Manufacturing Moving Out Of China | 5 Alternatives Countries



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Manufacturing in INDIA vs CHINA

With the iPhone maker Apple and chipmakers eyeing its vast land and young population, India is attempting to unseat China in higher-end manufacturing.
On December 12, 2012, an Indian employee works on an air conditioning unit at the Panasonic 'eco ideas' factory in Jhajjar, Haryana.
India has a large land area and a young population. Photographer: Sajjad Hussain/AFP/Getty Images
India is a logical alternative to China as the world's factory, thanks to its vast land and large, young population.

According to a July report from the UN Department of Economic and Social Affairs, India will overtake China as the world's most populous country in 2023.

Manufacturing in VIETNAM vs CHINA

Since 1986, Vietnam has been undergoing rapid economic reform, which has resulted in significant returns.
Garment workers at work in a factory in Hanoi, Vietnam.
Workers in a garment factory in Hanoi, Vietnam. AFP / Manan Vatsyayana
Vietnam, like China, has been undergoing rapid economic reform as a communist country since 1986.

The reforms have produced results, propelling Vietnam from "one of the world's poorest nations to a middle-income economy in one generation," according to a November post by the World Bank.


Manufacturing in THAILAND vs CHINA

Between 2020 and 2021, Thailand's FDI increased threefold.
Natawut Lorboon works at the Dunan Metals Thailand Co., Ltd. production line in the Thai-Chinese Rayong industrial zone in Rayong Province, Thailand, on November 8, 2022.
Thailand is an important auto and electronics manufacturing center. Getty Images/Rachen Sageamsak/Xinhua
Thailand, the second-largest economy in Southeast Asia, has been moving up the value chain in manufacturing and is now a production hub for car parts, vehicles, and electronics, with multinationals such as Sony and Sharp establishing operations there.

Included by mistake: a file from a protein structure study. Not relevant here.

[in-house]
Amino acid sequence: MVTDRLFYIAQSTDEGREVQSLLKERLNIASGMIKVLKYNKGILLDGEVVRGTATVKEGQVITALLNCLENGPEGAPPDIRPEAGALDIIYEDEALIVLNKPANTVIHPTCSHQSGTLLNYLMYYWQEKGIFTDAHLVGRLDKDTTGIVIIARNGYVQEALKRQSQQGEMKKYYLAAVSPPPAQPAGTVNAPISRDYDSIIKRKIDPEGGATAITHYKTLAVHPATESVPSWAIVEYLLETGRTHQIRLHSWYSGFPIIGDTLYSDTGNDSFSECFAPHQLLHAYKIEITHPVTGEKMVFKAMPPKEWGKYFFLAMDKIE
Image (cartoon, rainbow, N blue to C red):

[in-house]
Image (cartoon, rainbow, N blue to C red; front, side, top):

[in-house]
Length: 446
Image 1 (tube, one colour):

Sony announced in 2019 that it would close its Beijing smartphone plant to cut costs and relocate some production to Thailand. Sharp announced the same year that it would relocate some of its printer production to Thailand due to the trade war between the United States and China.

Manufacturing in BANGLADESH vs CHINA

The relocation of parts of the supply chain away from China has already been beneficial to Bangladesh. It now desires a larger portion of the overall pie.
Women in Bangladesh who work in the garment industry.
Bangladesh is home to a significant portion of the world's garment industry. The image was provided by Mustasinur Rahman Alvi/Eyepix Group/Future Publishing and was sourced from Getty Images.
Even before the COVID-19 lockdowns crippled China's manufacturing sector, Bangladesh was already rising to prominence as a manufacturing powerhouse in the garment industry.

The rise of Bangladesh was primarily a result of rising labor costs in China, which occurred before Trump was elected president.

The rise of Bangladesh was primarily a result of rising labor costs in China, which occurred before Trump was elected president.


Manufacturing in MALAYSIA vs CHINA

Malaysia has been looking for opportunities arising from companies shifting away from China for many years.
At the Coca-Cola bottling plant in Nilai, on the outskirts of Kuala Lumpur, an attendant checks bottles on a production line.
In 2021, Malaysia's FDI inflows will reach a five-year high of $48.1 billion. AFP/Getty Images/Manan Vatsyayana
Malaysia has been looking for opportunities from the manufacturing shift away from China for several years.

It has made some progress in its efforts, as the Malaysian Investment Development Authority reported in July 2020 that it has attracted at least 32 projects that have relocated from China to Malaysia. The authority provided no information about the projects or the companies that relocated.

However, even before the pandemic, tech investments in Malaysia were increasing due to lower labor costs and US-China trade tensions. Major transactions in recent years have included a 1.5 billion Malaysian ringgit ($339 million) investment by the US chip giant Micron over a five-year period beginning in 2018. Jabil, a US-based manufacturer of iPhone covers, has also expanded its operations in Malaysia.

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